NEW YORK -- Here's what you need to know about the Yankees' acquisition of Alfonso Soriano: The veteran outfielder was immediately written into Friday's starting lineup against the Rays, batting cleanup and playing left field.
That says something about Soriano, to be sure. But it says at least as much about the state of New York's lineup. In exchange for a pitcher with a 4.25 ERA at Class A Advanced, the Yankees brought in a player who instantly becomes one of the most dangerous threats on their roster.
Soriano has his flaws, and they're not hard to see. He's a limited fielder (though likely better than his reputation), and he makes far too many outs -- he has a .287 on-base percentage this year.
But even so, Soriano is an upgrade for this team, on this day. He'll be replacing players with very similar limitations, but without the advantages he brings. And all it took was Corey Black, a right-hander who projects as a middle reliever, and a fairly modest amount of money.
Soriano will eat into the at-bats of Vernon Wells and perhaps Travis Hafner, and that's nothing but good news for Yanks fans. Those guys also aren't getting on base, but unlike Soriano, they're not hitting for any power to balance it out.
"When you look at our club, it's been a struggle this year to score runs," manager Joe Girardi said. "So I think we're looking for run producers and people who can hit the ball out of the ballpark. Those are some of the things I think the organization is looking for."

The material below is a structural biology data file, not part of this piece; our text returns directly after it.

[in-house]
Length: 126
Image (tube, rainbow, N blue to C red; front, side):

The numbers are fairly gruesome. The Yankees entered Friday 12th out of 15 teams in the American League in runs scored, last in slugging percentage and 14th in home runs. They're 14th in the AL in OPS against left-handed pitching and last in OPS by left fielders.
The composite line by Yanks left fielders on the year is a .223 batting average, a .268 OBP and a .330 slugging percentage. Soriano is at .254/.287/.467. That's an upgrade.
"We need a right-handed bat, obviously," said first baseman Mark Teixeira, who is out for the year due to a right wrist injury. "We need that thump. We need to score a few more runs, and he's one of those guys that can beat you with one swing."
It really was a fairly simple equation, in the end, for general manager Brian Cashman. Soriano, though not a perfect player, was a clear and significant upgrade over what the Yankees had in the way of left fielders and right-handed bats. He came at a low cost in talent, and a low cost in salary.
So while Soriano wouldn't make sense at all for some teams, his acquisition was virtually a no-brainer for New York.
"By far, he is the best available bat to date -- one that I could certainly get my hands wrapped around," Cashman said. "We had a bird in the hand, and I know we're going to be better for it."
Cashman also acknowledged, by the way, that Soriano might not be enough. He made it quite clear that he is still seeking additional upgrades to his offense.
But in the short term, Cashman had an opportunity to make his team noticeably better, at minimal cost. He really couldn't afford not to do it.